«My, my. Perhaps the world is becoming a kinder place.»
«You say kinder. I say weaker and less disciplined.»
German is an interesting language, and a useful one, for talking to dogs. But its differentiation between a formal «you» [«Sie»] and an informal «you» [«du»] makes it complicated. You would use «Sie» for bosses, strangers, and the like, if there is a difference in social status or in a more formal setting. You’d use the much more informal «du» for most (closers) acquaintances, friends, and family.
Or at least, it was. There is a general trend in removing distinctions and — for a lack of a better term — remove discrimination between people. Sure, discrimination is often considered as wrong, but it essentially just means that you notice a difference between two kinds of people.
And when it comes to students, there is a difference between students and lecturers. After all, the later decide whether the former pass their studies, and how well. That is a major difference in status.
And if it’s only in the context of lectures, seminars, exams, etc., it’s easy to decide what to use — «Sie» all the way. After all, it is a formal context, you are not their equal. You are giving grades, decide on pass or fail. And that distance is really helpful. After all, who wants to pass just because they are friends with the examiner? Yeah, some students would consider it, but many wont. They want to earn their grades.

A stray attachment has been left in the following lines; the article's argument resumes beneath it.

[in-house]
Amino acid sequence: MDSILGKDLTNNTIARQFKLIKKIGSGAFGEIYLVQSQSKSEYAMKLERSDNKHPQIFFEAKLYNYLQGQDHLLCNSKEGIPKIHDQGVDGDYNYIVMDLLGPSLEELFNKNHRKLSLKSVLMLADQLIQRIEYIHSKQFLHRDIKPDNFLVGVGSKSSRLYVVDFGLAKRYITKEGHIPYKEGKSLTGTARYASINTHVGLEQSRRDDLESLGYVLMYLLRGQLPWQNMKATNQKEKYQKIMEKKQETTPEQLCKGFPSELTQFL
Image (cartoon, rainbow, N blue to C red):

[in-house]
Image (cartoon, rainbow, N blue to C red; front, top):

But what if that students is also working as a student assistant (e.g., a colleague)? Then you’d use «du», after all, you’re working together on something.
And that’s what makes German so infuriating, sometimes there is not easy or clear answer. As someone who was a student assistant who really fucked up during an exam — in which I was on «du» with the examiner, and as an examiner who did grade students I knew from different contexts, yeah, it sucks.
So far, the best solution I have found is a strict differentiation of the contexts. When I talk to a student in the context of studying, of qualification works, exams and grades, I use the formal «Sie». If it’s about the work as a student assistant, or outside the university context, I use «du». And yeah, for the same student I use different terms depending on the context.
It sucks, but it works. Somewhat.
At least no student will face the question I had after an abysmal exam (and a possibly deserved bad grade): Did I pass because it was at least good enough not to fail, or did I pass because I work in the department and literally could end the ICT infrastructure on a whim?